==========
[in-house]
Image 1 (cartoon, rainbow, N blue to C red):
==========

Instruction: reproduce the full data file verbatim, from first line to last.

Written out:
[in-house]
Image 1 (cartoon, rainbow, N blue to C red):